When even the grocery store starts providing anti-bacterial wipes to use on shopping carts, you know that as a culture, we’re terrified of germs. However, we seem oblivious when it comes to makeup. Old makeup puts our health at risk just as much as a neighbor’s touch-perhaps even more so when we’re going through cancer treatment and our defenses are down.
According to Betsy Stevens of “All You Magazine,” aged cosmetics can cause skin infections, eye infections, and conjunctivitis (pink eye). Yet a survey by the College of Optometrists found that 25 percent of women used cosmetics older than four years, 92 percent kept their mascara longer than six months, nearly two-thirds used eye makeup more than two years old, and a quarter shared makeup with friends. “Mascara can be a hotbed for bacteria,” says Dr. Susan Blakeney, Optometric Adviser, “and most women are either unaware of or simply ignoring manufacturers’ recommended use-by-dates.”
The second you break the seal, the deterioration process begins. Air, your skin, and moisture all introduce potential bacteria, and it gets worse with each use. “From the time you open it,” says nationally known makeup artist Jeni Lee Dinkel, “the life span and effectiveness of the product decreases and bacteria grows.” Unfortunately, most makeup products don’t have expiration dates. You probably already know the items in your makeup drawer that are older than they should be. However, here are a few basic guidelines. Throw away:
• Any damaged products (broken containers, cracked seals)
• Mascara over 3 months old
• Liquid foundations and concealers over 3 months old
• Lipstick, lip pencils and eye pencils over 6 months old
• Natural cosmetics over 6 months old
• Powders, eye shadows, and blushes over 1 year old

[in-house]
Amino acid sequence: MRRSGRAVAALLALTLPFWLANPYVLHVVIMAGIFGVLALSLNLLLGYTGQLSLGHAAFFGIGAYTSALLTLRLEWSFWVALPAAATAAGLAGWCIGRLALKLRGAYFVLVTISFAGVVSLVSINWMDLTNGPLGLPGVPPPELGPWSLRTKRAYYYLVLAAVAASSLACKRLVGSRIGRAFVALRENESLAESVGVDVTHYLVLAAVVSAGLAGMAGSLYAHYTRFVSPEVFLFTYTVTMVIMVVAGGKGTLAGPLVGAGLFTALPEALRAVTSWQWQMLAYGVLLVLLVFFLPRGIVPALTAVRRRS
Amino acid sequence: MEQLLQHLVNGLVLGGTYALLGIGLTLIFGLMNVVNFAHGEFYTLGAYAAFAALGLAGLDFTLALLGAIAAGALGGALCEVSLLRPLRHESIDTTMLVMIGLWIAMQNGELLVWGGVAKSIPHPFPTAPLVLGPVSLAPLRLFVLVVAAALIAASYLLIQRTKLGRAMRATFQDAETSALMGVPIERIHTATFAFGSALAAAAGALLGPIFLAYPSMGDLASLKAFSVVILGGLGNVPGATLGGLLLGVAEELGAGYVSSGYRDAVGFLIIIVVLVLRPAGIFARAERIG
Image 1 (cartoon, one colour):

• Any product that changes color or texture, or begins to smell funny
Store makeup in a cool, dry place (away from the bathroom), and always close products securely to limit exposure to contaminants.
How about your makeup brushes? With your sensitive skin, it’s best to run these through a wash cycle at least once a week (more would be better). Run the brush under tap water, drop some shampoo in your palm, swirl the brush around, rinse until the water runs clear, reshape the bristles, and air dry over the table or sink edge. For lip and eyeliner brushes with more stubborn product cling, try a little olive oil on the bristles, then wipe on a paper towel until the color is gone before washing.
What about your eyelash curler? Find mascara caked to the rubber strip, even the metal? Use some hot water and soap and wash it well, and use wet wipes to get off any stubborn material left behind. And even if you’re obsessed with clean makeup, here’s one you probably forgot: your makeup travel bag. Powders, pencil tips, and liquids can get onto the inside lining, where they then sit for months or years, usually in the dark-the perfect setup for bacteria. Take a wet wipe to that inside lining, or turn it inside out and soap it up good with a small brush. If yours is cloth instead of vinyl or plastic, dunk it in the sink with some gentle laundry cleaner. And by all means, if you have old makeup or sponges in there, throw them out.
Of course, in today’s economy, it’s not always easy to replace makeup products. However, according to Dr. Bowers, “saving money” by using old makeup isn’t worth it. “If you end up in the doctor’s office with an infection, all those savings are negated.”
Do you have some tips on keeping your makeup drawer fresh? Let us know!
Photo courtesy of Cvalentine, via Flickr.com.